The fact that PANDA’s critique of the government’s statistics appear to have been correct irked Nechama Brodie, prompting her to pen a ponderous, 35-minute read entitled 2020, hindsight, which comes in at a hefty 8 600 words.

Brodie is a journalist who frequently touts her Ph.D. in journalism and media studies, and identifies herself as ‘Dr. N. Brodie’ on social media, even though it isn’t customary to do so outside an academic setting unless you’re a medical doctor. Her doctoral dissertation formed the basis for one of her books, Femicide in South Africa.

I mention all this to establish her credentials to be writing about Covid-19 and the epidemiological models upon which the government based its lockdown policy. That is, she has none. She is just another journalist.

And I mention that, because she makes a terribly big deal of the credentials of members of the PANDA group, which includes three actuaries, a statistician, a big data analyst, two medical doctors, a data scientist, a lawyer, an economist, an engineer, a geophysicist, and an expert in fundamental analysis and machine learning.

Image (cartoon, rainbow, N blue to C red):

None of these fields, Brodie argues, qualifies them to critique the work of the real experts, who work for the government building models that are wrong.

Epidemiology, of course, is largely the application of mathematical methods of analysis to data. What the underlying data represents is neither here nor there. The methods of analysis and the techniques for constructing mathematical models are the same.

I would imagine actuaries, statisticians economists and data scientists are eminently suited to critique such models. Models are their bread and butter. It’s what they do.

But no, Brodie wants us to bow to the ‘experts’, and those experts apparently exclude anyone who is not a professional epidemiologist and working for the government.